In this episode Larry Morgan will discuss how a company can go about evolving a return policy into a return strategy. Return policies have morphed from the 30/30 policy, (if you go longer than 30 seconds or further than 30 feet you own it,) to allowing returns on unopened and unused items only, and even then only if the shopper doesn’t abuse the privilege, to allowing unlimited returns for unopened and unused product, to allowing customers to return anything.
With the advent of online sales, the return policy has expanded again to include free shipping on all returns. One thing return policies have always had in common, is that they are only focused on the customer experience; how easy is it to return something. The result has been a staggering rise in returns and an equally staggering fall in profitability. We encourage our clients to evolve their return policy into a return strategy, protecting the customer experience while at the same time, protecting the company profits. A return policy is always a part of that strategy, so keep whatever policy is working for you, and returns are a part of business; you can’t control that. However, there two things you can control.
First, let the returns you receive teach you how to avoid receiving more of them. Your customers are providing you with vast amounts of fantastic data, use that to reduce your return rate. Look at the items being returned. What is being returned most often? Why are they being returned? What condition are the items in when they come back? What condition is the packaging in? What additional information are your customers providing? From all of that information, what changes can you make to the item, its packaging or the information presented to your customer at the time of purchase, that will reduce how often that item is returned? You will be surprised at how easily you can reduce return rates by focusing on why items are coming back and then taking action. This is an instance where the old adage proves true, “An ounce of prevention is worth a pound of cure.”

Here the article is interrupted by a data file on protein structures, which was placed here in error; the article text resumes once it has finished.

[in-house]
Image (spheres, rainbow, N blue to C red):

The second step is either streamlining what happens to returned product when it reaches your facility, or ideally, preventing it from reaching your facility altogether. There are very few companies that have successfully created sales channels for their returns. A vast majority that try, only increase the financial losses returns create.
We recommend partnering with a reputable liquidation company to process all returns on your behalf. An effective partnership will prevent returns from ever reaching your facility, alleviating you from all the costs associated with processing them, and should result in a revenue stream.
Rather than spending money processing returns, they should be a source of consistent revenue, allowing you to recapture some of that lost value. This is what an effective liquidation partner can provide. By focusing on these two areas, your return strategy will account for all stages of returned items, starting at the time the item is first sold (hopefully preventing the return before it happens,) to how you plan to recapture some value after the item has been returned. This will reduce the impact returns have on your profitability, allowing you to protect the experience your customers have come to expect without having to spend all your profit to do it.
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